Why is not reading the Bible dangerous?

The Bible is God's Word to us, and it contains instructions and wisdom for our lives as humans and as believers in Jesus Christ as Lord. If God did not desire for us to read His Word, why would He have written it and preserved it for several thousand years? Not reading the Bible may not inherently be a sin, especially for those who are not Christians; however, in the believer's life, it may indicate a sinful position of the heart such as laziness or apathy in our walk with God. James 4:17 says, "Whoever knows the right thing to do and fails to do it, for him it is sin." For believers who have ready access to the Bible, not reading it is a sin of omission. Not only that, as is true with any sin, it is harmful to us. We cannot neglect God's Word and expect to know Him well and fully enjoy the fruit of salvation in Jesus Christ.

The Bible is a book about God. It tells us who He is and who we are. Second Timothy 3:16–17 says, "All Scripture is breathed out by God and profitable for teaching, for reproof, for correction, and for training in righteousness, that the man of God may be complete, equipped for every good work." Spending time in God's Word is vital to our spiritual growth.

Being God-breathed, the Bible is our standard for truth. Second Timothy 2:15 talks about the importance of rightly understanding and employing the truth of God's Word: "Do your best to present yourself to God as one approved, a worker who has no need to be ashamed, rightly handling the word of truth." Ephesians 6:17 describes God's Word as the "sword of the Spirit." We cannot neglect this vital piece of armor as we go about our daily lives.

Hebrews 4:12 declares, "For the word of God is living and active, sharper than any two-edged sword, piercing to the division of soul and of spirit, of joints and of marrow, and discerning the thoughts and intentions of the heart." God's Word has a way of exposing our hearts. It helps to clear the cloud of sin and misunderstanding so that we can see clearly. Hebrews 4:13 reminds, "And no creature is hidden from his sight, but all are naked and exposed to the eyes of him to whom we must give account." Not reading the Bible makes us more likely to be deceived by the lies of Satan, the lies of this world, and the deceitfulness of our own hearts (John 8:44; James 1:14–15; 22–25; Jeremiah 17:9–10).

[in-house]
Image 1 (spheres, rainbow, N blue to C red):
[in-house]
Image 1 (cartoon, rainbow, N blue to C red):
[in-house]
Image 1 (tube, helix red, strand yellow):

Reading God's Word increases our hunger for God. Many have referred to the Bible as God's love letter to us. Why would we not want to read that? And when we do read it, we grow in our understanding of Him and His character. We grow in our love for Him and mature in our faith.

Others have referred to the Bible as God's instruction manual for our lives. It shows us how we are to live. The Bible helps us understand what sin is and what righteousness is. Before sin is acted upon, it begins in the heart, which is the first place God looks (1 Samuel 16:7; Jeremiah 17:10; Romans 8:27). If we desire to live free from sin and instead cling to righteousness, it is essential that we read and study the Bible. Psalm 119:9–11 says:
"How can a young man keep his way pure?
By guarding it according to your word.
With my whole heart I seek you;
let me not wander from your commandments!
I have stored up your word in my heart,
that I might not sin against you."

This passage reveals that we can keep our way pure by following the guidelines that are laid out in God's Word. Having God's Word in our heart will help keep us from sinning. It not only helps us see what not to do, but the things that we should be doing instead. God's ways lead to life (John 10:10), while sin leads only to death (Romans 6:23). Not reading the Bible means not availing ourselves of the knowledge of the way of life. The Word of God helps to sanctify us as we walk out our faith (John 17:17).

Psalm 119 is the longest chapter in the Bible and is an ode to delighting in God's Word. Verse 105 says: "Your word is a lamp to my feet and a light to my path." The Bible brings wisdom and shows us the way to walk. When we know God's Word, it helps us to recognize God's voice in our own prayer lives. His voice in prayer will never contradict His Word, the Bible.

The Holy Spirit helps us understand God's Word (John 16:13–14; 1 Corinthians 2:14). The Bible is not something we read and apply on our own. It is not a self-help book or a do-it-yourself guide to salvation and life. Rather, it is the living Word of God. Our righteousness comes only through Christ, not our works or our knowledge (Ephesians 2:1–10). But the Bible is a primary tool that God uses in the life of a believer as He transforms them to be more like Christ (Philippians 1:6; 2:12–13; Romans 8:28–30).

We should desire to read the Bible. Even in seasons of spiritual dryness when it feels like God is far away, when we have planted His Word in our hearts, He can bring verses of hope and encouragement to mind at the moments we need them the most (Romans 15:4). As believers, we are also instructed to know God's Word, so that we may rightly interpret its meanings (2 Timothy 2:15) and always be prepared to share the gospel (1 Peter 3:15). We should make it a habit to get into God's Word. The more we do that the more we will desire it—for it will incline our hearts to desire Him and delight in His words to us.

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